When the troubles started, Khaled was, characteristically, optimistic. He went home regularly, both to Aleppo and Damascus, to see the farm and to visit his mother. Anything going on was temporary, he assured us - Damascus is always a bore, and the police are getting crazier, but everything's fine in Aleppo. Then one trip he was delayed; it was better, perhaps, to move his mother from her flat in Damascus. Things were getting odder (the word he used, sounding for the first time a little puzzled) and she would be happier back home in Aleppo. A further trip, another delay. His aunts were going to Egypt, with no plan to return; perhaps it would be better for Mama to come to the Sandlands for a visit. Just a visit, really; things are happening, now, but everything will be fine. And the farm is beautiful. Someday you'll come and see...

Getting Mama a visa was an adventure in itself, but she did come. The visits home got fewer, the trips more fraught; the last one involved an unnerving weekend in a local "holding center" until a solution (slipped under a table in an envelope) could be arranged. Still, Khaled remained himself, a philosopher and against all odds a kind of dark idealist; one equally cynical (it's hard to work for 30-some years in the Sandlands and not be; hell, it's hard to be there for more than 30 days and not be) and filled with hope. And the farm would always be there.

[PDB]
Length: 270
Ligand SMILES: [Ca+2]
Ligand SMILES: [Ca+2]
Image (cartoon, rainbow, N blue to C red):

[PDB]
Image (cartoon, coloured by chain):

We moved home, and I'm less in touch with Khaled now.

He wrote me, though, a year or so ago, asking for a letter of reference. His retirement approaching, he was looking for a visa. On the morning after his farewell party, after all, his life in the Sandlands - and that of his wife, and his son, and his daughter (Mama faded away, lasting only about a year so far from home) - would be over. And by now, while the farm may still be there, getting there is infinitely... odder (still his word of choice, still so puzzled, if by now also almost unimaginably sad). Someday we'll go back, he said, but until then he was trying Canada.  The olive trees must seem very far away in Vancouver, where they are now, but I think of them - and the public garden, and the souq, and the old house in the center where Khaled's aunts presided just as mine did in my own childhood - every time I hear the name these days: Aleppo.